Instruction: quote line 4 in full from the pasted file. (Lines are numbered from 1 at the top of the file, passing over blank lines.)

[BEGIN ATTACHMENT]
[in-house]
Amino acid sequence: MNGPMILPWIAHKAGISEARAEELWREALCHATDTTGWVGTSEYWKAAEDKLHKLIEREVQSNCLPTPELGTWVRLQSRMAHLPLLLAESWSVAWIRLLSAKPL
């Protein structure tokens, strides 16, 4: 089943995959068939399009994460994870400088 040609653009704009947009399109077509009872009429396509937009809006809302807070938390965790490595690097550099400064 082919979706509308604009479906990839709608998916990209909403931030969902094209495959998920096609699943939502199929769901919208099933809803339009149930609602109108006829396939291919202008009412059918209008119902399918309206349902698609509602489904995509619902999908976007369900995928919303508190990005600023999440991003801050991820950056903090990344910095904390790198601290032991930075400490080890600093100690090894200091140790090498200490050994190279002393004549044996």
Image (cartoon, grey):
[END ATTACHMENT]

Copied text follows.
Image (cartoon, grey):